by Chelsea Simpson
Sustainability in Oklahoma City took a small, unexpected step forward last week. As of January 15, the city will pay for the spaying or neutering of any dogs and cats that wind up at the city shelter, even if their owners come to claim them. Previously, owners hoping to take their lost pets home were required to pay a fee to cover the costs associated with caring for the animal at the shelter. But now owners can have that fee waived if they provide proof that their pet has been altered or agree to have it altered at the city’s expense.
Hopefully the fee waiver will result in more owners claiming their pets, which will save the city in boarding and euthanasia costs, and more pets being altered, which will eventually lead to a decrease in the overall population of unwanted pets.
That last point is where sustainability comes in: unwanted pets. According to an article in the Journal Record last month, Oklahoma City euthanized 17,654 dogs and cats last year. That is waste, my friends, at its most grotesque. I fret about throwing away all kinds of things—leftover potatoes, socks with holes, wrinkled printer paper. I also realize that we are a wasteful society, consuming too much on many fronts, but the lives’ of living things? That stretches wastefulness beyond acceptable limits.
Let’s remind ourselves what we are talking about here because I grew up on a farm, and I eat meat. I know the argument, and it goes like this, “Dogs and cats are animals, and just like livestock they are here to be used by humans. If that’s how you feel, then use them—let them warm your lap and welcome your visitors and perform more noble tasks, like search and rescue or bomb sniffing because that’s what they were bred for. There is no need to breed new animals so long as thousands of them are being euthanized. To my knowledge, no one kills cattle just to make room for more cattle; we kill them for a purpose. Their slaughter isn’t simply a matter of convenience.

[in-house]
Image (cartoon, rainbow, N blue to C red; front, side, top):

Yet more dogs and cats continue to be produced because we keep buying them. Then we throw the old ones away. So as we move toward sustainability with our recycled pop cans, hybrid cars and local food, let’s not forget our loyal companions. “Recycle” a pet from the shelter. Avoid creating “new waste” by spaying and neutering. And support new legislation and rules like the one that took effect last week.